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Health board takes action against local horse owner

AYER — Resident and animal owner Ruth Maxant may have to go to court with the town over a dispute related to Board of Health (BOH) stable regulations.

The point of contention is a fence that is too close to an abutting property.

On Dec. 23, Maxant received a letter from town counsel Jeffrey Blake, of Kopelman and Paige, notifying her that the town would attempt enforcement action if she does not conform to local stable regulations.

“If compliance with the regulations is not made within 10 days of the receipt of this notice, the town will take further action to enforce your compliance or seek the removal of the horses from your property,” the letter reads.

Maxant does not have a stable license, which is granted by the BOH to local horse owners with compliant stable facilities.

Currently, she owns three horses housed in the barn at 17 Taft St., along with a number of goats, chickens and ducks. The horses include a pony named Angel, a retired police horse named Dakota and an older black horse named Black Magic that is going blind. All of the horses are retired, being at least 20 years old. The oldest is in its 30s, she said.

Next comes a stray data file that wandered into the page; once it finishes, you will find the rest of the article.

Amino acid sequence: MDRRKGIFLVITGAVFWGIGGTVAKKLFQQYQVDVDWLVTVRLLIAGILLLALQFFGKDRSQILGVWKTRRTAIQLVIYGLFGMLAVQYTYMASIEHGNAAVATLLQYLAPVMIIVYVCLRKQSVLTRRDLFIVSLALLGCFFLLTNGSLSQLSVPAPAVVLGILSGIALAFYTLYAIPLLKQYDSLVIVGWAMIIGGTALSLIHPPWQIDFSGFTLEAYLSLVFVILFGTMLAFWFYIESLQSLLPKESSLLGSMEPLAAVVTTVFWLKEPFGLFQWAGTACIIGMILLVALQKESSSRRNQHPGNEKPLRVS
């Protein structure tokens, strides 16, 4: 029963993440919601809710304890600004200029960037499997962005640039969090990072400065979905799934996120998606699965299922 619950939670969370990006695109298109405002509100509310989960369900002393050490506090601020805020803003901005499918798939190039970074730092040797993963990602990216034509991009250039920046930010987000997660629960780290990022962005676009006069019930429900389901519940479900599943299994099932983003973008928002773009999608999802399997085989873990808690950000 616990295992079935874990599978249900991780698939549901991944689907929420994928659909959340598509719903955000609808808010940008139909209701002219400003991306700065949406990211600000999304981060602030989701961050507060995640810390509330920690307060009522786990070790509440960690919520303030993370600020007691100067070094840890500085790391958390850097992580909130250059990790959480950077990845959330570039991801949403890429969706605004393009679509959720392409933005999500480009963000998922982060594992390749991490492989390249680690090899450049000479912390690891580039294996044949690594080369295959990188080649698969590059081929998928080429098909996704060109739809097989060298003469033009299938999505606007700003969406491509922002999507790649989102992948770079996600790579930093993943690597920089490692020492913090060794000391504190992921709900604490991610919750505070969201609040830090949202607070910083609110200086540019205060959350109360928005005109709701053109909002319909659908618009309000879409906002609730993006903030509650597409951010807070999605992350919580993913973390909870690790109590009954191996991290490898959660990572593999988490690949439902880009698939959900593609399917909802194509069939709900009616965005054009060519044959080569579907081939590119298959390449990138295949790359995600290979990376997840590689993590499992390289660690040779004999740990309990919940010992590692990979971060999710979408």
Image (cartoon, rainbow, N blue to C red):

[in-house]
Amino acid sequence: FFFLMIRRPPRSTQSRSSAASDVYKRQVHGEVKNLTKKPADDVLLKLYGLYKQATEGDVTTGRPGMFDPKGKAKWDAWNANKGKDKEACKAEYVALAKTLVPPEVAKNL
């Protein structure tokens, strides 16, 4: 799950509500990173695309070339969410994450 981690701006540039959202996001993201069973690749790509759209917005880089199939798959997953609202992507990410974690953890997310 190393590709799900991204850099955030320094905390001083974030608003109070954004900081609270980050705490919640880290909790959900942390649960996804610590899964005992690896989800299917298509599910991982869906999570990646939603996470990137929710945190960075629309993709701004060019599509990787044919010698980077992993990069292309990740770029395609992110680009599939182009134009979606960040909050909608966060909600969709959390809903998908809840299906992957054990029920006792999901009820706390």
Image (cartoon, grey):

Maxant’s property is over five acres in size, she said, and was used for horses in the 1950s. The current barn was built in 1958. Maxant moved back to the property in 2000, when she began using it as a farm again.

The BOH began holding meetings with Maxant after receiving a complaint from neighbors in August 2005 objecting to goats that had invaded their property.

Health board members asked Maxant to provide them with a manure management plan and a plot plan to ascertain the location of the fence relative to the property line.

During a meeting with the board on Dec. 12, Maxant stated that she could not and would not move her fence 30 feet back to comply with town regulations.

When reached for comment later, Maxant said her main concern is that neighbors who made the complaint might begin to encroach upon her property. They had done so before, according to Maxant. When she built the fence in 2000, she built it through a sandbox placed on her land, she said.

There were issues with a post marking the property line as well, she said, which had been moved by persons unknown. Maxant hired a surveyor to replace the lot line marker.

Maxant is discussing her case with town counsel, and may be able to reach a compromise before court proceedings ensue. Currently under discussion is installment of a second, electrified fence 30 feet inside the current one.

This would make Maxant’s property conform with stable regulations that require that horse paddocks be enclosed no more than 30 feet from a lot line, while allowing Maxant to maintain her current fence along her property line.